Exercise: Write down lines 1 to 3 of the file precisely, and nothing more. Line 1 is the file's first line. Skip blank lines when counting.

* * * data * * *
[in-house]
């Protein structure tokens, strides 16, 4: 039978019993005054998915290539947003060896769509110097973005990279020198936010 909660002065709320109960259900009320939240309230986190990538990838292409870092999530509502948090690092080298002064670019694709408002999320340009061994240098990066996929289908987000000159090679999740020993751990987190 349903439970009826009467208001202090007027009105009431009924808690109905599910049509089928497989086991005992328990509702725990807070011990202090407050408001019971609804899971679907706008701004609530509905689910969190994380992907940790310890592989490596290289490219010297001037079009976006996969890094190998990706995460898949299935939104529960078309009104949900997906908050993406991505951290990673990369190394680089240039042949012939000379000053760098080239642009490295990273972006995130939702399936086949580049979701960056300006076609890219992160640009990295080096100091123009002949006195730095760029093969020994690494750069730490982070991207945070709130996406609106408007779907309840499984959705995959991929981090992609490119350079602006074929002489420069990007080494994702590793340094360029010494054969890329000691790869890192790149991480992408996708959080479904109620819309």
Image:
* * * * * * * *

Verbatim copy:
[in-house]
């Protein structure tokens, strides 16, 4: 039978019993005054998915290539947003060896769509110097973005990279020198936010 909660002065709320109960259900009320939240309230986190990538990838292409870092999530509502948090690092080298002064670019694709408002999320340009061994240098990066996929289908987000000159090679999740020993751990987190 349903439970009826009467208001202090007027009105009431009924808690109905599910049509089928497989086991005992328990509702725990807070011990202090407050408001019971609804899971679907706008701004609530509905689910969190994380992907940790310890592989490596290289490219010297001037079009976006996969890094190998990706995460898949299935939104529960078309009104949900997906908050993406991505951290990673990369190394680089240039042949012939000379000053760098080239642009490295990273972006995130939702399936086949580049979701960056300006076609890219992160640009990295080096100091123009002949006195730095760029093969020994690494750069730490982070991207945070709130996406609106408007779907309840499984959705995959991929981090992609490119350079602006074929002489420069990007080494994702590793340094360029010494054969890329000691790869890192790149991480992408996708959080479904109620819309």
Image: